The brightness range of the screen was very good, with the ability to offer a luminance between 370 and 83 cd/m2. This should mean the screen is perfectly useable in a wide variety of ambient light conditions, including darkened rooms. A setting of ~12 in the OSD brightness control should return you a luminance close to 120 cd/m2 out of the box. On another positive note, the brightness regulation is controlled without the need for Pulse Width Modulation (PWM), and so those who suffer from eye fatigue or headaches associated with flickering backlights need not worry.

There was no audible noise from the screen, even when conducting specific tests which can sometimes cause issues. There is a 'Reader' preset mode for office work or reading if you want which by default makes the image a fair bit warmer than our calibrated state.

The screen offers 2x USB 3.0 ports which can be useful. Both are located on the back of the screen so they aren't super-easy to access. Might have been nice to have a couple more, and maybe also offer fast charging support like a lot of other modern screens. There are no integrated speakers but there is a headphone output if you want. There are no further extras like ambient light sensors or card readers which can be useful in office environments. Remember, this is aimed at gamers really. There was a good range of ergonomic adjustments available from the stand allowing you to obtain a comfortable position for a wide variety of angles. They were mostly easy to use and it was nice to see side to side swivel included as that sometimes seems to be left off ultrawide screens like this. The VESA mounting support may also be useful to some people as well for more flexibility.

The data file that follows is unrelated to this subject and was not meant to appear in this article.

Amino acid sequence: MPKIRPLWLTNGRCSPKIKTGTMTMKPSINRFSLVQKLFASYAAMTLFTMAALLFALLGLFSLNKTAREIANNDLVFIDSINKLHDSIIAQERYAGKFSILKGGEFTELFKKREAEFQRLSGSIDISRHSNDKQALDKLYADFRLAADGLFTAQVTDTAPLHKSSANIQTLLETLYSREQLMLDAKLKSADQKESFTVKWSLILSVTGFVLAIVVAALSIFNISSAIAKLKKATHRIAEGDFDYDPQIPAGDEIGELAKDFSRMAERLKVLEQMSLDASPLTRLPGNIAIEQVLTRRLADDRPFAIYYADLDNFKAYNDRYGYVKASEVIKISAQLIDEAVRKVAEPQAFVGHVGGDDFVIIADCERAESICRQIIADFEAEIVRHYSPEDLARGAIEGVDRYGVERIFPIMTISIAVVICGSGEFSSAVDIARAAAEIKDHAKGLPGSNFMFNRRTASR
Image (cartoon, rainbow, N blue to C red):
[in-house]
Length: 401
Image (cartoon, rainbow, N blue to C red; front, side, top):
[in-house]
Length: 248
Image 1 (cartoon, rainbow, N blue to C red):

Responsiveness and Gaming

Panel Manufacturer and Technology


Panel Part


Quoted G2G Response Time

5ms G2G

Quoted ISO Response Time


Overdrive Used


Overdrive Control Available Via OSD Setting

Response Time

Overdrive OSD Settings

Off, Normal, Fast, Faster

Maximum Refresh Rate

100Hz native
120Hz with overclock

Variable Refresh Rate technology


Variable Refresh Rate Range

30 - 120Hz (with overclock)

Blur Reduction Backlight


The 34GK950G is rated by LG as having a 5ms G2G typical response time. The screen uses overdrive / response time compensation (RTC) technology to boost pixel transitions across grey to grey changes as with nearly all modern displays. There is a user control in the OSD menu for the overdrive under the 'Response Time' setting with 4 options available as listed above. The part being used is an LG.Display LM340UW5-SSA1 Nano IPS technology panel. Have a read about response time in our specs section if you need additional information about this measurement.

We use an ETC M526 oscilloscope for these measurements along with a custom photosensor device. Have a read of our response time measurement article for a full explanation of the testing methodology and reported data.

Overdrive Setting